NEW YORK -- The Dow's in the dumpster; Chase Manhattan is laying off 5,000 workers. Wall Streeters definitely need a break today.

This may be why many of them are grabbing lunch at a Financial District McDonald's that features a gloved doorman, a pianist playing "Some Enchanted Evening" on a candelabrum-adorned baby grand and a menu that includes espresso and cappuccino along with burgers and shakes. It's cheaper than Windows on the World and, unless one of the hostesses seats them in full view of the overhead stock market ticker, customers can forget about oil prices except as they relate to french fries.

"A very interesting change of pace," appraises a banking consultant seated at a marble-topped counter, looking up from his Wall Street Journal. Diners sound enthusiastic about the atmosphere and service, though one single-minded financier wrote in the leather-bound guest book, "Need Tokyo quotes at night." The restaurant draws bemused tourists along with the business types and handles about 4,000 transactions on an average weekday, including those transmitted via -- what else? -- Fax Your Macs.

Frank Madalone, owner-operator of this and seven commonplace McDonald's restaurants in New York, is very proud. "We wanted to make it really classy," he says. "I wanted a Taj Mahal." He even made a pilgrimage uptown to study the aesthetics of Trump Tower before he opened the restaurant's latest improvement, a shiny upstairs boutique that sells T-shirts, golden-arch earrings and a 20-buck transistor radio shaped like a carton of fries.

The two-story restaurant on lower Broadway, just a block from the World Trade Center, probably is the McDonald's Taj Mahal. The decor, designed by Equipment Manufacturing Corp. of Chicago, is heavy on marble and oak, mirrors and potted palms, with scarcely a hint of plastic.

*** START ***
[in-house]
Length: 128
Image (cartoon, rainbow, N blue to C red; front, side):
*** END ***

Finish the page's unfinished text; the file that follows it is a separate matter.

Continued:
The hostesses who seat customers and ferry over napkins and tear-open ketchup packets (some things resist upgrading) are wearing purple silk suits by Ellen Tracy. Someone has instructed them in the sort of accessorizing -- twinkly little earrings, cameos pinned at the collar, single strands of pearls -- that would enable them to stroll right into one of the office towers across the street and analyze commodities.

Sprays of fresh flowers embellish the counter, which is staffed by order-takers in tuxedo shirts and (attention, Frank) the wrong sort of black tie, the kind that hangs, but still ... . The food is mostly the basic stuff and no more expensive than the already inflated prices at many Manhattan McD's. A Big Mac costs $2.79 here; up on East 23rd it goes for $2.17, but there's no one playing songs from "The Phantom of the Opera." Besides, the breakfast pastries here come from an East Side patisserie. And reservations are accepted.

McDonald's has other themed restaurants around the country, including a rock-and-roll McD's in downtown Chicago with an old jukebox and Beatles memorabilia on the wall and a St. Louis McD's on a paddleboat anchored on the Mississippi. Food-folks-and-fun headquarters in Oak Brook, Ill., says such entrepreneurial efforts by its franchisees are encouraged and increasing.

That's probably because fast food has become what marketers call a mature industry, meaning that growth is slowing. McDonald's worldwide sales of $17.3 billion in 1989 represented only a 4.2 percent increase over 1988. "They're trying all sorts of new operations to try to increase penetration," says industry analyst John C. Maxwell Jr. of Wheat First Securities in Richmond.

During tough economic times, "fast food usually does all right," Maxwell says. "People move down from the more expensive operations." But fast-food restaurants are "recession-resistant, not immune," he warns.

Accordingly, Madalone has all sorts of plans for his upscale McD's. He's opened a new upstairs dining area called the Orchid Room, where he can imagine people holding business meetings, "power breakfasts, that sort of thing." He's already booking birthday parties. And what he'd really like, on weekends when the Wall Street crowds thin, is to host what in-store posters call "dazzling engagement and wedding receptions."

A unique entrepreneurial vision, no? So far, no takers.